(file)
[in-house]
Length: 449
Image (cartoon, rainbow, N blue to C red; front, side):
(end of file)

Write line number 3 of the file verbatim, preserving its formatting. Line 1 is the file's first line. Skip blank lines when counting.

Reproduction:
Image (cartoon, rainbow, N blue to C red; front, side):